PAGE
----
Three Recent Posts to Get You Ready for the next Bank of Canada Meeting
Monday Morning Interest Rate Update for April 10, 2023
I hope that you enjoyed the break. I took the long weekend off, so there won’t be a new post this week.
All eyes will be on the Bank of Canada (BoC) when it meets this Wednesday. On that note, and for context, here are three recent posts that I have written in the lead up to this meeting:
- This post summarized the Canadian and US economic news that continued to surprise to the upside before the collapse of Silicon Valley Bank caused bond yields to plunge.
- This post explains how the US and European banking scare has impacted the Canadian economy and our mortgage rates. (It also offers my take on an underappreciated factor that is underpinning our economic momentum.)
- This post explains why good news for our economy is bad news for our mortgage rates. It also offers my recommendation on the mortgage option that stands above the rest as the safe middle-of-the-road pick in these turbulent times.
I’ll be back next week with highlights from the BoC’s latest Monetary Policy Report, and to offer my take on what it said. (Spoiler alert: I’m betting that the Bank will hold its rate steady and maintain a hawkish overall tone.)The Bottom Line: Government of Canada bond yields dipped again last week. That is keeping downward pressure on our fixed mortgage rates for the time being.
With variable-rate discounts holding steady last week, I think variable-rate borrowers shouldn’t be too worried about a BoC rate hike this Wednesday.
Will Strong GDP Growth Bring Higher Mortgage Rates?
Monday Morning Interest Rate Update for April 3, 2023
In today’s upside-down world, good news for our economy is bad news for our mortgage rates because it increases the likelihood that the Bank of Canada (BoC) will either hike its policy rate or wait longer before cutting it.
Canadian mortgage borrowers got more “bad news” last week.
Statistics Canada confirmed that our GDP increased by 0.5% month-over-month (MoM) in January, and it estimated that our GDP will rise by another 0.3% MoM in February.
A detailed look at the results shows strength across the board. Both our goods-producing (+0.4%) and services-producing (+0.6%) industries grew last month, and 17 out of our economy’s 20 different sectors experienced gains.
The latest GDP data confirm that our economic momentum is still stronger than the Bank of Canada (BoC) expected.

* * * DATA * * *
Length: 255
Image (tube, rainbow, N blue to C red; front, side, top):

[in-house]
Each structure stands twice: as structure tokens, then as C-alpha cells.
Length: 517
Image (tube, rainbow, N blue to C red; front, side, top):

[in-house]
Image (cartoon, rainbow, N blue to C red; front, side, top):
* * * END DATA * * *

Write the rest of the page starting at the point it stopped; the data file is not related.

More Near-Term Rate Hikes Are off the Table (But So Are Rate Cuts)
Monday Morning Interest Rate Update for March 27, 2023
When central bankers cranked up their policy rates to combat runaway inflation, they knew that it would create economic pain. You can’t slow an economy that has been gorging on ultra-low interest rates for more than a decade without breaking things.
At some point, an economy must take its medicine. If tighter monetary policy doesn’t wring out the excesses that built up during the free-money era, financial markets will eventually sort out the imbalances. Odds are, that would be a much less orderly process.
The failure of weak, poorly managed banks is simply the manifestation of the pain that our central bankers warned us about. Our policy makers will do their best to limit financial contagion and other collateral damage, but only if it doesn’t interfere with slaying the inflation dragon.
The inflation debate has suddenly taken a backseat to concerns about systemic financial risk in both the US and Europe.
Within a short period of time the failure of Silicon Valley Bank (SVB) was followed by the collapse of Signature Bank, the provision of emergency lifelines to First Republic Bank, and then the fire sale of Credit Suisse to UBS.
Events like these shouldn’t be entirely surprising. They are examples of the concomitant ‘pain’ that our central bankers warned would be a necessary by-product of their rapid series of rate hikes. As Warren Buffet might put it, after more than a decade of practically free money, the tide is now going out and we’re finding out who has been swimming naked.
Last week was a busy one for anyone keeping an eye on Canadian mortgage rates.
We heard hawkish statements from the Bank of Canada (BoC) and the US Federal Reserve. They re-emphasized their commitments to do whatever is necessary to bring inflation to heel.
We also received the latest Canadian and US employment reports, for February. Both came in better than expected and confirmed that the demand for labour remains strong on both sides of our shared border.
That’s when things got interesting. The bond market’s response was the opposite of what we would have intuitively expected on first pass.
Finally Some Good News for Canadian Variable-Rate Mortgage Borrowers
Monday Morning Interest Rate Update for March 6, 2023
Let’s start with this week’s most welcome news.
There is a zero percent chance that the Bank of Canada (BoC) will raise its policy rate when it meets this Wednesday. That means that variable-rate borrowers won’t be seeing their ninth increase in twelve months.
At its last meeting, the Bank said that it would pause from making additional rate increases over the near term, and a hike this Wednesday would renege on that commitment.
The Bank said that it will now also require “an accumulation of evidence” before abandoning its pause, and thus far it has seen only five weeks of additional data.
Inflation Falls, But Bond Yields Rise Anyway
Monday Morning Interest Rate Update for February 27, 2023
Last week Statistics Canada confirmed that our Consumer Price Index (CPI) fell from 6.3% in December to 5.9% in January on a year-over-year (YoY) basis.
That result was lower than the consensus forecast of 6.1%, but the downside surprise didn’t prevent the Government of Canada (GoC) bond yields, on which our fixed mortgage rates are priced, from finishing the week higher.
To help understand why the bond market zigged when we would have intuitively expected it to zag, let’s start with a closer look at our inflation data.
Top Five Recent Posts About Mortgage Rates and Inflation
Monday Morning Interest Rate Update for February 21, 2023
I hope that you enjoyed the Family Day long weekend.
I used the holiday yesterday for its stated purpose, so there won’t be a new post this week. I’ll be back next Monday as usual.
In the meantime, here are links to five of my recent posts about Canadian mortgage rates and inflation:
- Canadian Hiring Surge Undermines Rate-Cut Bets
- Was the US Federal Reserve’s Most Recent Hike Really That Dovish?
- Why We Shouldn’t Over-React to the Bank of Canada’s Rate-Hike Pause
- Why Softer US Inflation Doesn’t Change My View on Mortgage Rates
- Mortgage-Rate Forecast and Predictions for 2023